Doing rides of that length in zone 2 automatically gets you burning a lot of fat. The benefits to timing of eating and exercise can have more benefits.

What I find interesting is looking at the training intensity and duration of professionals during the off season or "base" period.......early in the season. Lots of hours at fairly low intensity.

Specifically, exercise training after an extended, overnight-fast augments skeletal muscle adaptations such as GLUT4 and AMPK protein levels, and reductions in postprandial insulinaemia, even when energy balance is unaffected.
https://physoc.onlinelibrary.wiley.c....1113/JP280748
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Old 04-21-22, 09:54 AM
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Originally Posted by GhostRider62 View Post
Doing rides of that length in zone 2 automatically gets you burning a lot of fat. The benefits to timing of eating and exercise can have more benefits.
Well, there's no question that I lose weight when I get into the swing of things and do a century or century+ every Saturday, so surely I'm burning fat. But I thought that you were earlier making a distinction between "I did a long ride and so I burned some fat" and "I'm fat-adapted, so I'm better-able to do long rides"

And those centuries are commonly well above zone 2, btw.
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Old 04-21-22, 02:43 PM
  #38  
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Ah man I didn't see this thread till now. I'll checkout the link and videos for sure. Here's my favorite recipe for rice cakes, they're super good!

https://www.efprocycling.com/tips-re...ke-rice-cakes/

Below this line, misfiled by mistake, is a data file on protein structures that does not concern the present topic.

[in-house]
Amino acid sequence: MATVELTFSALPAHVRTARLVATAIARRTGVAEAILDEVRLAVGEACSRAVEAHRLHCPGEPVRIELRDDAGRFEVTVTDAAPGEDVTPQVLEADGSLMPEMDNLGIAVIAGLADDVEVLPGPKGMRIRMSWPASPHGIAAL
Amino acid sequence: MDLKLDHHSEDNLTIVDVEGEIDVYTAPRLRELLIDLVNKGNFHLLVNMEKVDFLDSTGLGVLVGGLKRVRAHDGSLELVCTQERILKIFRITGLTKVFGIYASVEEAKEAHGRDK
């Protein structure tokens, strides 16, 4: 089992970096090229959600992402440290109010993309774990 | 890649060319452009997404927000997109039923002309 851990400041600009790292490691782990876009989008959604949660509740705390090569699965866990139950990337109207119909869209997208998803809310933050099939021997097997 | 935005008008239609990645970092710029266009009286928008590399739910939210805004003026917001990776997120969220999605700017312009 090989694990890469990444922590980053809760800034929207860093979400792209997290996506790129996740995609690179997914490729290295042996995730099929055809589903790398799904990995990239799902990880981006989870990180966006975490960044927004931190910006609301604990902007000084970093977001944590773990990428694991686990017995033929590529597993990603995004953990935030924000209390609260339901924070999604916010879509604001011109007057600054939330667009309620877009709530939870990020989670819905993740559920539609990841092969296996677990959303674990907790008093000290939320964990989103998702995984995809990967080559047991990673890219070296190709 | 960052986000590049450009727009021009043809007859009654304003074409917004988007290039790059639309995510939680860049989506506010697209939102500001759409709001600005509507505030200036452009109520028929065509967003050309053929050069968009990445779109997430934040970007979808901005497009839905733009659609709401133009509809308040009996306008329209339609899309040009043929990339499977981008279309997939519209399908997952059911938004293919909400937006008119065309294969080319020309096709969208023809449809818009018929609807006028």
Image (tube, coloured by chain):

I'm also a huge fan of maltodextrin, specifically HEED by Hammer.
​​​​​
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Old 04-29-22, 06:00 PM
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Originally Posted by ZHVelo View Post
I have already successfully tested it over a three hour ride where the middle hour was sweet spot. I did 90-120-90 without issue and felt much better after the ride than I usually do when I eat (too) little. I also tested 90/hour over a 4 hour ride (which was above 50%). I am not a racer, much less a pro, and I haven't even tested digestion all that much (yet). I absolutely do not see why you need to make blanket statement when digestion is so individual and trainable and people should test it for themselves. Also, I never said everyone should do it or that it is easy, my why not was aimed at your absolute statement. It is almost as if you completely ignored the "Of course you may not tolerate that, but that is a separate issue." part of my reply to you.
I find the longer the ride, the harder it is to keep slamming down the carbs at that kind of pace. My event rides are typically around 5-9 hours and it really gets hard to force down the carbs after the first few hours. Moving from solids to gels and liquid helps, but I usually struggle to average more than 60g / hour over say 6 hours. But I don't bonk at that level, so it's enough for me. I'm not at all surprised MVDP is taking in double what I would given his power output! As you say it is trainable to some extent and I know the Trainer Road guys are quite big on increasing carb intake for endurance. I've certainly tried it and take in what I can tolerate on events.

The other big factor is intensity. The harder you are riding, the harder it is to consume carbs. For example riding at a leisurely pace I could eat pretty much anything I wanted. But ramp the pace up to tempo for several hours and it gets much harder to fuel. I don't think in reality many ordinary guys could replicate MVDPs fuel intake while riding at the same relative intensity. But you can certainly copy the principle.
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Old 05-06-22, 05:54 AM
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Originally Posted by PeteHski View Post